Kevin Harvick’s crew chief brushes aside tire accusations: ‘It’s turned into a joke. Honestly, I’m flattered. I love it.’

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MARTINSVILLE, Va. – With his championship team seemingly in the crosshairs of a NASCAR investigation into tire tampering, Rodney Childers alternately bristled and scoffed at the rumors Friday at Martinsville Speedway.

“I started racing when I was 12 years old, (and) people accused me of stuff,” the crew chief for Kevin Harvick said. “They accused me of stuff when I was 15 years old. They accused me of stuff when I was 20 years old. They’re still accusing me of stuff.”

No one has pointed the finger publicly at illegal wrongdoing during Harvick’s impressive streak of eight consecutive top-two finishes (dating to the final four races of his 2014 title campaign). Behind the scenes, though, competitors have grumbled about the source of Harvick’s speed.

But Harvick’s No. 4 Chevrolet is the only team to have its tires seized by NASCAR after the past two Sprint Cup races. NASCAR warned teams about the potential for severe penalties Friday morning at Martinsville in the wake of sending some tires for a third-party investigation this week.

Childers, who joined Stewart-Haas Racing with Harvick last season, said it’s nothing unfamiliar, though, for his team.

“I don’t think everybody realizes that they’ve taken our tires 17 times in the last 18 months,” he said. “Every time we finish first or second, our car goes back to the R&D Center with the tires we won the race on. NASCAR’s doing their jobs, and everybody else is making a big deal about it, right?”

Childers said NASCAR also had examined the team’s tires many times during races last season.

“Nobody ever talked about it,” he said. “I’m starting to get a little bit ill about it. It’s turned into a joke. Honestly, I’m flattered. I love it.”

Four-time series champion Jeff Gordon said Friday he believes that teams have found ways to “bleed” their tires, which maintains optimum air pressure during a green-flag run and keeps speeds consistent.

The situation is reminiscent of Gordon’s 1998 championship season. On the way to tying a modern-era record with 13 victories, Gordon’s tires were confiscated after an August 1998 win at Loudon, N.H., and sent for independent testing that found nothing.

“We weren’t ever doing anything like that in 1998,” Gordon said Friday. “Maybe people were speculating what we were doing, or if (crew chief) Ray (Evernham) was doing it, he never told me. But after all these years, I think I would have known about that. But I’ve heard about a lot of things with valve caps and poking holes in tires for years.”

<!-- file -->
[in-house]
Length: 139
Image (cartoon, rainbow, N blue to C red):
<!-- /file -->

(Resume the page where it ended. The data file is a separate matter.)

Childers said he welcomed the scrutiny of being a successful team.

“I don’t know how Ray Evernham reacted back in the day, but that’s (NASCAR’s) job,” Childers said. “If you’ve got a car that’s on a streak like the 4 car’s been and they’ve got eight top-twos in a row, nobody’s done that since when there was 2.5 cars on the lead lap at the end of each race, it’s a big damn deal, you know? I don’t blame them at all. I’m 100% percent on their side. You’ve got to do what you’ve got to do to keep a level playing field.

“The only thing I don’t like is when it stirs up a bunch of drama and because there’s no need for it. But it’s part of it. You don’t want the drama surrounding your team. You want to keep them focused on what you’re doing. All in all, they’re doing their jobs.”

Childers playfully delivered a message to any competition that believes he and Harvick are bending the rules.

“They also need to look at qualifying because bleeding your tires in qualifying for one lap don’t help,” Childers said. “We beat ’em every week, so they better get working on their cars a little bit, I’d say.”

Harvick, who has started on the front row of three of five races this year, also addressed the tire controversy on Twitter.

NASCAR Awards: Scene on the red carpet

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NASHVILLE, Tenn. — The NASCAR community gathered at the Music City Center to commemorate the 2022 season and celebrate Joey Logano‘s second Cup title.

The event can be seen at 8 p.m. ET Saturday on Peacock.

Here is a look at the scene on the red carpet before Thursday night’s NASCAR Awards:

Joey Logano and Brittany Logano (Photo: Dustin Long)

 

Ryan Blaney and Gianna Tulio (Photo: Dustin Long)

 

Kyle and Samantha Busch (Photo: Dustin Long)

 

Chase Elliott (Photo: Dustin Long)

 

Alex Bowman and Crystal Marsh (Photo: Dustin Long)

 

Tyler Reddick and Alexa De Leon (Photo: Dustin Long)

 

Denny Hamlin and Jordan Fish (Photo: Dustin Long)

 

Daniel Suarez and Julia Piquet (Photo: Dustin Long)

 

Chase Briscoe and Marissa Briscoe (Photo: Dustin Long)

 

Christopher Bell and Morgan Bell (Photo: Dustin Long)

 

Austin Dillon and Whitney Dillon (Photo: Dustin Long)